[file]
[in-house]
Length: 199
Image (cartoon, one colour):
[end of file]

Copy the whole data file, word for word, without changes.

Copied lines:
[in-house]
Length: 199
Image (cartoon, one colour):